Norwegian rebound, Baltic slowdown due to supply side and exports
The Nordic economies are affected in varying degrees by euro zone deceleration. Norway is showing resilience to the slowdown in other countries and to lower oil prices. Capital spending in the petroleum sector will now increase markedly, adding to demand in the rest of the Norwegian economy. Together with a housing market rebound and solid private consumption, this will help GDP growth in the mainland economy (excluding oil, gas and shipping) accelerate to 2.5 per cent this year, with 2.2 per cent growth in 2020. Overall GDP growth will surge to nearly 3 per cent in 2019 and 2.5 per cent in 2020. Norges Bank can thus keep pursuing its plan to hike the key rate twice yearly in 2019 and 2020. Finland and Denmark will also enjoy some support from domestic strengths, such as robust labour markets, high capacity utilisation and a positive GDP growth contribution from housing construction. The Finnish economy has slowed down after its earlier acceleration, but growth will still reach about 2 per cent both this year and next. Temporary effects contributed to weak Danish economic growth in 2018: an underlying slowdown will gradually slow GDP growth to 2.0 per cent in 2019 and 1.7 per cent in 2020.
After a strong 2018, the fast-growing Baltic economies will also decelerate somewhat, driven by lower export demand and by certain supply side restrictions. In Estonia and Lithuania, GDP growth will be nearly 3 per cent in 2019 and around 2.5 per cent in 2020. GDP growth in the Latvian economy will reach 3.5 per cent this year and 3.2 per cent next year.
Sweden: Weaker resilience to declining home construction
The growth outlook in Sweden has dimmed in recent months, with worrying signals from both the domestic economy and exporters - thus weakening the forces that can offset the sharp decline in home construction that is now under way. The GDP decline in the third quarter of 2018 was partly due to temporary factors, such as weak consumption caused by changes in auto taxation, but a broad retreat by sentiment indicators suggests a more wide-ranging slowdown. SEB now believes that Swedish GDP growth will reach only 1.6 per cent in 2019, compared to its earlier forecast of 2.2 per cent. In 2020 growth will recover somewhat to 1.9 per cent as the negative GDP contribution from home construction disappears from the statistics. An expansionary fiscal policy, continued low interest rates and a weak krona suggest that an even more serious economic slowdown can be avoided. Because of the large supply of homes, especially newly produced units in major cities, home prices have not stopped declining. After last year's stabilisation, prices will fall by another 3-4 per cent this year, bringing the total downturn since the peak in 2017 to nearly 10 per cent.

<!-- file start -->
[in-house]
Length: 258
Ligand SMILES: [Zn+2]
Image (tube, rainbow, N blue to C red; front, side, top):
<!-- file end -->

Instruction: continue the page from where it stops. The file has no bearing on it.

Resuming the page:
The labour market will enter a calmer phase, and unemployment will level out at around 6 per cent. Pay increases will remain subdued at around 2.5 per cent in the coming year and will not accelerate until new collective agreements are in place during the spring of 2020. Inflation will remain at around current levels this spring, due to high electricity prices, but will drop below 1.5 per cent in mid-2019. Continued decent global economic conditions and cautious key rate hikes by central banks in other countries suggest continued interest rate hikes in Sweden, but partly because of low inflation the Riksbank is easing its monetary policy a bit compared to its December rate path and will limit itself to one rate hike per year. At the end of 2020 the repo rate will thus stand at 0.25 per cent. This spring the Riksbank is expected to announce a continuation of its strategy of early bond reinvestments. It will thus continue to own about half of the nominal supply of Swedish government bonds. Because of the slow pace of rate hikes, interest rate policy will not be a major positive factor for the krona. The krona will appreciate, with the EUR/SEK exchange rate reaching 9.95 at the end of 2019 and 9.70 at the end of 2020.
Swedish economic policy will move sharply in a centre-right direction as a result of the new budget cooperation agreement between the Social Democrats, Greens, Centre and Liberals. This policy represents a clearer reform agenda and will give the government a good chance to push through its budgets, but quarrels about broken political promises and internal tensions pose a latent threat. Fiscal policy will be somewhat more expansionary than earlier expected, but Sweden's public finances will remain strong in a European perspective.
Key figures: International & Swedish economy (figures in brackets are from the November 2018 issue of Nordic Outlook)
|International economy, GDP, year-on-year changes, %
|The world (purchasing power parities, PPP)
|Nordic and Baltic countries, GDP, year-on-year changes, %
|Swedish economy, year-on-year changes, %
|GDP, working day corrected
|Unemployment, % (EU definition)
|CPIF (CPI minus interest rate changes)
|Government net lending (% of GDP)
|Repo rate (December)
|Exchange rate, EUR/SEK (December)
|For more information, please contact
Robert Bergqvist, +46 70 445 1404
Håkan Frisén, +46 70 763 8067
Daniel Bergvall, +46 73 523 5287
Richard Falkenhäll, +46 73 593 5632
Olle Holmgren, +46 70 763 8079
Elisabet Kopelman, +46 70 655 3017
Andreas Johnson, +46 73 523 7725
Frank Hojem, Group Press Officer
+46 70 763 9947